Rifleman Q&A: Making Non-Toxic Pellets

by
posted on November 11, 2022
Pellet Manufacturing Kent Cartridge
Image courtesy of Kent Cartridge

Q. I’ve heard that traditional shot pellets are made by dropping molten lead through a sieve in something called a shot tower. Today we seem to have such a variety of shot to choose from, all of which look very different from one another. What are the methods of manufacture for some of today’s non-toxic shot?


A. Non-toxic pellets are made using various processes. Some involve smelting metals while others rely on compression forming and molding. Steel shot is formed by cutting precise lengths of soft-iron or steel wire of the desired pellet diameter. The snippets are then annealed to soften them and rolled under pressure to make them round. Now work-hardened, they are again annealed to make them as soft as possible. Following the last annealing, the pellets are polished by tumbling.

Kent’s Tungsten-Matrix pellets are made by mixing powdered tungsten with a thick goo-like polymer that evenly suspends the micro-fine powder until the polymer cures. The mixture is then formed into thin ribbons from which the pellets are formed. Once hardened, the excess is removed from the round pellets and recycled.

Bismuth shot is made by melting bismuth with about 3 percent tin for increased malleability. Bismuth shot is made using the Bleimeister process that drops the molten bismuth/tin through a sieve perforated with holes the diameter of the shot to be formed. The molten pellets drop approximately three feet into hot water that cools them sufficiently to solidify the pellets. Once formed and dried, the pellets are polished prior to loading. Large bismuth pellets are cast in molds.

The carbonless iron/tungsten pellets made by Federal—as well as Remington’s and Olin/Winchester’s tungsten-bronze pellets—are formed by mixing the powdered components, then forming the pellets in a mold under high pressure. Once formed, the pellets are sintered, which heats them to just below their melting point to further amalgamate the metals.

EnviroMetal’s Hevi-Shot is formed by smelting. Tungsten has one of the highest melting points of all metals, 3,410 degrees Celsius—nearly 7,000 degrees Fahrenheit. EnvironMetal’s Hevi-Shot requires melting tungsten with iron and nickel that is then dropped through a sieve onto a table where the pellets cool.

—John M. Taylor


This “Questions & Answers” was featured in the January 2007 issue of American Rifleman. At time of publication, "Questions & Answers" was compiled by Staff, Ballistics Editor William C. Davis, Jr., and Contributing Editors: David Andrews, Hugh C. Birnbaum, Bruce N. Canfield, David R. Chicoine, O. Reid Coffield, Charles Q. Cutshaw, Charles M. Fagg, Angus Laidlaw, Evan P. Marshall, Charles E. Petty, Robert B. Pomeranz, O.D., Jon R. Sundra, Jim Supica, A.W.F. Taylerson, John M. Taylor and John W. Treakle.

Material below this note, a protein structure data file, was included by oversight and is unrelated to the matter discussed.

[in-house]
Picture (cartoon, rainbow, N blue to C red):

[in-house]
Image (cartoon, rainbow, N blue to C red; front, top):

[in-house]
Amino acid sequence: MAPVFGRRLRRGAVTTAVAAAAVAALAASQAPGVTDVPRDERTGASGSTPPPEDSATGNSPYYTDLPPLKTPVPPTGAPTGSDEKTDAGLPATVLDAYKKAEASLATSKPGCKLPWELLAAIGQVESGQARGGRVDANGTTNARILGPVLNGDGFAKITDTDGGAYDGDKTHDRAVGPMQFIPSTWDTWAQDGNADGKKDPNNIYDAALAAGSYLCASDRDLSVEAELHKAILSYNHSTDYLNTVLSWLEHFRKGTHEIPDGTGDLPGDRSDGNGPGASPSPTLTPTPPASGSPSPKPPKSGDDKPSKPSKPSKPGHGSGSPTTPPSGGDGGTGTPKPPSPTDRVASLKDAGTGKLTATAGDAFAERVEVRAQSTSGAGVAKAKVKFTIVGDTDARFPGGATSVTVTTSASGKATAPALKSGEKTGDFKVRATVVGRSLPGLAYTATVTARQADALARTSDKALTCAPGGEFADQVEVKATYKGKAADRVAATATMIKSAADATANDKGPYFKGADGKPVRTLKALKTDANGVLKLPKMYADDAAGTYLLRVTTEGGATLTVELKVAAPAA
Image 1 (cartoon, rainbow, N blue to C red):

To subscribe to the magazine, visit the NRA membership page and select American Rifleman as your member magazine.

Latest

Springfield Armory XD M Elite 10 Mm OSP
Springfield Armory XD M Elite 10 Mm OSP

NRA Gun Of The Week: Springfield Armory XD-M Elite 4.5” OSP In 10 mm Auto

Watch American Rifleman staff on the range to learn about the 10 mm Auto-chambered XD-M Elite 4.5” OSP, one of the latest offerings in Springfield Armory's feature-rich lineup of Croatian-made pistols.

The Armed Citizen® Dec. 2, 2022

Read today's "The Armed Citizen" entry for real stories of law-abiding citizens, past and present, who used their firearms to save lives.

Rifleman Q&A: M1903 vs. M1903A1 Rifles

I’ve seen references to an M1903A1 rifle. I’ve looked around at a bunch of gun shows, and I have not found a rifle marked “M1903A1.” How does that variant differ from a standard M1903 rifle?

PrairieFire Emerges Following Front Sight Chapter 11 Filing

PrairieFire announced this week that the United States Bankruptcy Court for the District of Nevada confirmed the Chapter 11 plan of reorganization under which it will acquire 100 percent of Front Sight Management’s equity.

5 Common Grip & Stance Mistakes

Even for those who are seasoned and train regularly, sometimes mistakes can persist when it comes to shooting techniques. Here are five of the most common grip and stance mistakes made by shooters.

Windham Weaponry: Makers Of ARs & More

For Richard Dyke, previous owner of Bushmaster, his legacy has evolved under a new banner, Windham Weaponry, which continues to manufacture a number of AR-type rifles and pistols to this day.

Interests



Get the best of American Rifleman delivered to your inbox.